Temporary farmworkers get more protections against retaliation and other abuses under new rule

SANTA ROSA, Calif. — Temporary farmworkers will have more legal protections against employer retaliation, unsafe working conditions, illegal recruitment practices and other abuses under a Labor Department rule announced Friday.

Each year about 300,000 immigrants, mostly from Mexico, take seasonal jobs on U.S. farms. The new rule, which takes effect June 28, will target abuses experienced by workers under the H-2A program that undermine fair labor standards for all farmworkers.

Labor Secretary Julie Su said the rule aims to “breathe life” into existing worker protections.

“Our rule is meant to give H2-A workers more ability to advocate for themselves, to speak up when they experience labor law abuses,” Su said at a vineyard in Santa Rosa, north of San Francisco.

California has a vast agricultural industry, growing over a third of the country’s vegetables and nearly three-quarters of the country’s fruits and nuts and attracting a large number of farmworkers.

The Biden administration announced a proposal for the new rule in September, saying it would boost safety requirements on farms and raise transparency around how such workers are recruited, in order to combat human trafficking.

The Labor Department is already required to ensure that the H-2A program doesn’t undercut the wages or working conditions of Americans who take similar jobs. Employers are required to pay minimum U.S. wages or higher, depending on the region. They are also required to provide their temporary workers with housing and transportation.

Reports of overcrowded farm vehicles and fatalities have increased as the number of guest farmworkers has risen, officials say. Transportation accidents are a leading cause of death for farmworkers.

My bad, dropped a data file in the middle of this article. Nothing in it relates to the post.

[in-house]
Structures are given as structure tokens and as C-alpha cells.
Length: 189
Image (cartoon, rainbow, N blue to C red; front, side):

The new rule will require farmers who employ H-2A workers to make sure the vans and buses they use to transport workers long distances — and that are often driven by tired workers — have seatbelts for all passengers.

The new rule also protects temporary agricultural workers from employer retaliation if they meet with legal service providers or union representatives at the housing provided by the employer. It also protects them from retaliation when they decline to attend “captive audience” meetings organized by their employer.

And in a step intended to counter human trafficking, employers would be required to identify anyone recruiting workers on their behalf in the U.S. or foreign countries and to provide copies of any agreements they have with those recruiters.

Teresa Romero, president of United Farm Workers, said the rule will help prevent employers’ abuse because those found in violation of the new rule will not be allowed to use the program again. She said a requirement for employers to disclose contracts with their agents will make it easier to identify wrongdoers.

“In many cases, employers take their documents and they have to pay a debt that they incurred from recruiters that unfortunately are not ethical and charge tremendous amounts of money for the workers,” Romero said.

The proposal drew nearly 13,000 public comments, including some from industry groups that said new regulatory requirements were excessive. Ted Sester, who owns a wholesale nursery in Gresham, Oregon, said it was “full of heavy-handed enforcement and regulatory overreach.”

The Northwest Horticultural Council said the rule “makes the already complex H-2A program far more difficult for growers to navigate, while increasing the risk that growers may lose access to the program without the ability to exercise proper due process — a death knell for Pacific Northwest tree fruit growers utilizing the program.”

Labor advocates strongly applauded the rule.

“Agricultural guest workers are some of the most vulnerable workers in America, but this rule will empower H-2A workers to stand up to some of the biggest challenges they face,” the Congressional Labor Caucus, made up of about 100 pro-union members of Congress, said Friday.

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